As long as the body’s environment is relatively quiet the mind stays introverted, but if a persistent or dramatic stimulus takes place in the external environment, the sense organs extrovert and you wake up. The process of waking, however, is gradual, although it may not seem obvious. The sense organ does not just “turn around” instantly unless the stimuli is very dramatic – someone kicks you or the alarm goes off – but as stimuli from the body begins to demand more attention, the dream mechanism incorporates it into the dream as a kind of signal for the dreamer entity to extrovert and become a waking entity. The physical body does not get involved. It is inert. Isvara knows that the body needs attending to and generates the idea of urinating in the dream. Remember, this whole drama is taking place in Isvara which permeates and governs the changes from state to state and every change in every state.
So, in conclusion, basically the waking state and the dream state are essentially the same, the doer is the same entity, except the sense organs are extroverted in picking up the “external world” for the “waking state” and introverted into the “dream world” for the dream state, meaning there is mind activity still going on for both. There’s only the “appearance” of a “world” when there is some mind activity. That means that in deep sleep there is literally no mind activity at all, which is why there is no experience of an “apparent” external world, no dreamer and no dream world whatsoever.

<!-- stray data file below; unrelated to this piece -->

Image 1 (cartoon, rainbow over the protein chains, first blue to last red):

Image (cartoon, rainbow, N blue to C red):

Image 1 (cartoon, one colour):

Petra: A lot of “stuff” I hadn’t expected to come up did come up when I made a big life change (the move to the Island). I thought I’d gotten good at my karma yoga practice, but it definitely highlighted some areas I need to work on. It’s alright. I needed the homework.
I have a fairly temporary status in life right now. I guess we all do. I’m waiting (island-time waiting) for a yurt to go up in a very rural town. I’m temporarily housed, temporarily employed and mostly broke – I don’t think that part is temporary. From the perspective of a “normal,” it looks odd. I was doing well until fear (tamas?) fueled by loneliness, migraine weirdness and the long-distance anxiety of family members threw me off my dispassion/discrimination feet. It took me three weeks to get back into the sattva groove: happy and content. Three unpleasant weeks.
Sundari: If you want to test your likes and dislikes and how much fear runs your life, a good way to do it is to make a big life-changing move! Better have the karma yoga attitude as your guiding principle or life could get especially challenging and rocky. These moves never work out the way we expect them to. Accommodation is the name of the game. As Chinmaya used to say: “It is much easier to accommodate to Isvara than to the jiva.” And how true that is.